Friday Forgotten Books: The Glass Key By Dashiell Hammett

Dashiell Hammett only wrote five novels. Of them, The Glass Key is probably the least remembered. It’s not as iconic as The Maltese Falcon or groundbreaking as the Continental Op novels. And it has none of the screwball comedy tone of The Thin Man. Yet Hammett said this was his favorite, and it’s probably his best.

The Glass Key is about racketeer Ned Beaumont, the loyal henchman to political boss Paul Madvig. Madvig has thrown his lot in with the corrupt Senator Henry, whom Beaumont would like to bring down. However, Beaumont discovers the Senator’s son dead in an alley. Madvig orders Beaumont to cover it up for reasons he doesn’t share beyond wanting to marry the Senator’s daughter.

In the beginning, Beaumont plays the game and does it for personal reasons. He pins it on a bookie who owes him money, tracking the bookie down to New York City. By the time Beaumont gets his money, that lead fizzles. Over time, Beaumont starts looking into the murder himself, at first to protect Madvig. Eventually, he starts to wonder if he’s playing for the wrong team, even fleeing back to New York (where he’s from) at one point.

Beaumont is probably the best drawn of Hammett’s protags.  The Op is a violent boy scout. Nick and Nora Charles are thinly veiled cariacatures of Hammett and Lillian Hellman, which does not take away from Red Harvest and The Thin Man. Paired with Hammet’s other morally questionable protag, Sam Spade, Ned Beaumont is the most real of Hammett’s characters. He doesn’t live by a rigid code, but there are lines that should never be crossed. Even the most morally questionable among us, like Spade, who’s a selfish bastard, have lines we won’t cross. No matter how many shades of gray we see things, things do, in fact, reach a point where you have to say, “That’s evil, and I won’t let it pass.”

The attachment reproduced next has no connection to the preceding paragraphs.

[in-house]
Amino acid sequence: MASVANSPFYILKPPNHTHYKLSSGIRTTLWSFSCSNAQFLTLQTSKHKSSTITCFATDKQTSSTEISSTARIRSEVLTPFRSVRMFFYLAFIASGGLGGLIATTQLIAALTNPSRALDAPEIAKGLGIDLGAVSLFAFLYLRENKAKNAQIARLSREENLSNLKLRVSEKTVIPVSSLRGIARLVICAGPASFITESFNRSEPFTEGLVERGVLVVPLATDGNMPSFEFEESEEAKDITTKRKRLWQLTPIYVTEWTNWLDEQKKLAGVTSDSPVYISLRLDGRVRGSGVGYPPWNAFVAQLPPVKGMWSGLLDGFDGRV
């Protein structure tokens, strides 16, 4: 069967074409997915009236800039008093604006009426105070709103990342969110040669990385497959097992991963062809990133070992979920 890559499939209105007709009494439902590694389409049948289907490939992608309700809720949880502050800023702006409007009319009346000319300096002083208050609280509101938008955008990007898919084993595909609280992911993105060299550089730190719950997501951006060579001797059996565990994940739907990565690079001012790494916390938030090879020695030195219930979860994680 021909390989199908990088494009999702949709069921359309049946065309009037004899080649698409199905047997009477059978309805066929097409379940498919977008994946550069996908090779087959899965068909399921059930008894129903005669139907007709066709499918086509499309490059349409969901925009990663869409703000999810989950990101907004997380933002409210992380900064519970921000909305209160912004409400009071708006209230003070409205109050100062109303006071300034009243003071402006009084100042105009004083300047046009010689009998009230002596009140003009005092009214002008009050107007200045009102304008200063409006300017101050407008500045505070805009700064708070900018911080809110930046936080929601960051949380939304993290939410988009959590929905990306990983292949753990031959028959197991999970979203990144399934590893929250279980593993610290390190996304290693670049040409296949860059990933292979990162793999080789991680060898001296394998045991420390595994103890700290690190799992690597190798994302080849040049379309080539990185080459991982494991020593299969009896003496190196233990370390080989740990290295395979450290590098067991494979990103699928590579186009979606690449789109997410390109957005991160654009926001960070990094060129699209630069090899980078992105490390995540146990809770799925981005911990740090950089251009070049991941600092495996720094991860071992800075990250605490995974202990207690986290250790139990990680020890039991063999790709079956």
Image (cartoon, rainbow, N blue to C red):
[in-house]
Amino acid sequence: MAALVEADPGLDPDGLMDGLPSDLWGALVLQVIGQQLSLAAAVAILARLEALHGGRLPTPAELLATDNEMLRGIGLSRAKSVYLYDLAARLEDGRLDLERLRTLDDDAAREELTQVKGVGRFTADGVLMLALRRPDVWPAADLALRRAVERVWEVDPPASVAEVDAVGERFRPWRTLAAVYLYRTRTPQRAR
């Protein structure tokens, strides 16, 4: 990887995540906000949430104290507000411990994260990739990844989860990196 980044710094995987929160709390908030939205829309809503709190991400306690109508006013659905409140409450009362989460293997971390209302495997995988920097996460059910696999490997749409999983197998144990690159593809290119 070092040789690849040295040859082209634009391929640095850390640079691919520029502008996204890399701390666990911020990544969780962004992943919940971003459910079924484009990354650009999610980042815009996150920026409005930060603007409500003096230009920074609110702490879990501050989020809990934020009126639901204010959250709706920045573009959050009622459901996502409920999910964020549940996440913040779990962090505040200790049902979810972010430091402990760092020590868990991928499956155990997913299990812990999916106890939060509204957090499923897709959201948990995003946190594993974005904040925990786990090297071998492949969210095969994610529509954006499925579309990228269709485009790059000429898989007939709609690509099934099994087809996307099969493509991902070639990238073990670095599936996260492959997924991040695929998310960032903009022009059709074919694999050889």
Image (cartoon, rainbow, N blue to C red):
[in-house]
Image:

Madvig somehow crosses that line, and Beaumont is left wondering where his duties lie. Ultimately, they lie with himself, and one can’t really fault him for how he ultimately deals with the the storm around the death of Henry’s son.

And then he says to hell with it.

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3 thoughts on “Friday Forgotten Books: The Glass Key By Dashiell Hammett

  1. The Glass Key is the one Hammett novel I’ve not read, which I guess supports your contention that it is a forgotten book. I need to rectify that. What you’ve described sounds like something I’d enjoy.

  2. This is my favorite Hammett book. It has more of a despairing tone than his other work, a tone that’s more often identified with Chandler.

    The Veronica Lake / Alan Ladd movie was pretty good, except the ending didn’t ring true. Another movie, MILLER’S CROSSING, didn’t follow the plot but was mostly inspired by this book, and it was terrific.

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